* indicates required

When Your Practice Time is Limited

There are many reasons why your practice time is limited. It could be because of work, school, other extracurricular activities, or simply your own well being. In any case, you don’t have a ton of time to practice, so you have to make the most of the time you do have.

Hannah B Flute | When Your Practice Time is Limited

When your practice time is limited, you have to learn how to work well in a short amount of time. You can’t waste time setting up your instrument or tuning or doing countless exercises.

So, in this post, I’m going to share my tips for how to practice when you’re under a time crunch.

Rapid Warm Ups

While I do not advocate for rushing through your warm up routine, sometimes you do have to slim it down. If your normal warm up routine takes 20 minutes but you only have one hour to practice, that’s a third of your time gone.

Instead of taking a full 20 minutes to warm up, try and condense it down. Do you really need to play all 12 major scales and all 36 forms of minor scales? Stick to the scales that are relevant to what you are working on. For example, if you are working on the first movement of the Mozart Concerto in G, work on your G major scale.

Is your full long tone routine really necessary or can you choose a few exercises? Instead of using a long exercise to work on tone, try some harmonics exercises. They are simple and they warm up the lips in less time.

Double Duty

Part of my technique practice includes some of the daily exercises from Taffanel and Gaubert. If I am short on time, however, I will find some more technical parts from my repertoire.

Using the Mozart Concerto as an example, I will work on the scales in thirds at measure 60. I can also work on the broken arpeggios in measure 127-134. That way, I can still practice technique, but I don’t have to feel like I am “wasting” time. I can both practice technique and work on my repertoire.

Look for short bars or phrases in your repertoire that are particularly technical. Then isolate them and use them for technique work. Make your repertoire do double duty for you.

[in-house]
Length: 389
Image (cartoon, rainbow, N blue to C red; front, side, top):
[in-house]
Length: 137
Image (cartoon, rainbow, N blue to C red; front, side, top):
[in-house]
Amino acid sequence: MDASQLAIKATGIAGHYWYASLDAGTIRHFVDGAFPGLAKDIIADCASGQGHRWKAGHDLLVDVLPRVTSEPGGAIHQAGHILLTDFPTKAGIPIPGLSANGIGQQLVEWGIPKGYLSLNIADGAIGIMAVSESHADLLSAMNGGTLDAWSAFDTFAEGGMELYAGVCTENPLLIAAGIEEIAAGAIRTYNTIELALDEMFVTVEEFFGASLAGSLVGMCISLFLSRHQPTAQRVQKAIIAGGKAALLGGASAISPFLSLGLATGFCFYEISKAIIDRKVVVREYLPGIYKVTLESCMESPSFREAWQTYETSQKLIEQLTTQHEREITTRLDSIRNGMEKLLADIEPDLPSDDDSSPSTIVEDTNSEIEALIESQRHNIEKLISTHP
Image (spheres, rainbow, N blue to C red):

Plan Your Practice

If you know you only have 30 minutes to practice, try and plan how those 30 minutes will go. Is there a particular piece you need to work on for a concert? Did you come short of achieving a certain goal during your last practice session?

Write down what you want to do in your practice and determine how long you would like to spend on each thing. The time does not have to be set in stone, but it can give you a rough estimate of what you can accomplish.

Then, determine what is most important. If you have a concert in the next week, that music is probably going to be more important than the music for a concert next month.

Do the most important stuff first so that you know you will have time to practice what is of the highest priority.

Split Your Practice

If you only have 20 minutes in the morning and another 20 minutes in the evening, don’t be afraid to use all of that time for practicing. You don’t have to practice all at once; in fact, having multiple practice sessions can be a good thing.

You can focus on one thing for your morning practice and another for your evening practice. Not only does that mean you are practicing more, but it means that you can stay focused on the task at hand. You can set one goal per practice session as opposed to two or three different goals.

If you do practice multiple times a day, be sure to use my tip for rapid warmups. Yes, you want to be warmed up for each practice session, but you should spend the majority of your time actually practicing, not just warming up to practice.

Listen to Recordings

If you don’t have much time to physically play your instrument but you have time to listen to music, listen. Find recordings on YouTube, Spotify, or Naxos. Listen to recordings while cooking, driving, or cleaning the house.